For the first time, the Tel Aviv Stock Exchange (TASE) has revealed the huge variations in the average commissions charged by its members, and the picture is clear: the banks benefit from their standing with the retail customers that trade through them and charge much higher prices than the investment houses.
A comparative calculator of portfolio management fees (that can be regarded as also including custodian fees) and of purchase and sale commissions for customers with portfolios of NIS 100,000-200,000 shows that the banks charge management fees that are on average 33.3 times higher than those charged by the investment houses, while the banks' purchase and sale commissions are on average 2.9 times higher. The average portfolio management fee charged by the banks is 0.38%, while the investment houses charge just 0.01% on average. The average trading commission at the banks is 0.24%, versus a 0.08% average commission at the investment houses. The calculator is available in Hebrew only.
The figures were revealed yesterday as the TASE embarked on an initiative to make available tools and information that will help financial consumers in Israel obtain better terms for trading through the various TASE members. The TASE, headed by Ittai Ben-Zeev, has started to publish on its website information on the trading and clearing commissions that its members charge their customers. The move was initiated by the exchange's non-bank members belonging to the investment houses, which are much cheaper, and yet attract a far smaller proportion of the public than the banks.
The huge gaps are not just in the averages. The data show that the bank charging the lowest commissions is still substantially dearer than the highest charging non-bank TASE member. Moreover, the investment houses are competitive with one another, the four non-bank TASE members charging similar commissions, whereas the variation among the banks is much greater. It might have been thought that such large price differentials would make investors rush to the investment houses, but they don't. Whether from laziness or lack of information, people mainly act through the banks, while the number of non-bank stock exchange members is dwindling. The picture that emerges looks like a market failure, if only because customers are prepared to tolerate such wide gaps.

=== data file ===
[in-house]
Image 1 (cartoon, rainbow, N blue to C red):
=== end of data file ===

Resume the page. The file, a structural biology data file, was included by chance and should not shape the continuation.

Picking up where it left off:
Elad Benbaji, CEO of Excellence Nessuah Brokerage, the stock exchange member belonging to Excellence Nessuah Investment House, said, "We are very glad that these figures are being published so that the public will realize that the commissions charged by the non-bank stock exchange members are substantially lower than the commissions charged by the banks. It should be borne in mind that the profitability of an investment portfolio is directly impacted by the size of purchase and sale commissions. I hope that publication of the attractive commissions offered by the investment houses will make Israelis check the commissions they are paying and choose the place that gives them the lowest commissions and the best service."
The figures published by the TASE relate to a well-known situation, but they provide real numbers for the first time. The TASE website indicates that the same situation applies to larger portfolios. Our own check found that the trend in portfolio management fees is the same, and the investment houses are cheaper for any size of portfolio. For sale and purchase commissions, First International Bank of Israel (TASE: FTIN) becomes cheaper, but the rest of the banks are dearer than the investment houses. Our check was for Israeli securities only.
Past experience of similar initiatives teaches that the general public does not flock to online tools created for it, and few have the financial awareness that gives such tools value. Perhaps the figures now revealed will rouse the public to act in a more informed way and lead to a change in the situation. The TASE is the regulator of its members, which for the time being are its shareholders, until the change in the TASE's ownership structure is completed and control passes to other hands.
Most of the shares in the TASE are currently held by the banks, which will part from their shareholdings in the wake of new legislation on the matter. The TASE management is promoting the sale of control to foreign investment funds and the offering of a substantial proportion of its shares to the public. The TASE states that the disclosure of fees and commissions was carried out under the legislation on change in its ownership, which obliges its members to report all the commissions they charge their customers and obliges the TASE to publish the information on its website.
Published by Globes [online], Israel business news - www.globes-online.com - on August 7, 2018
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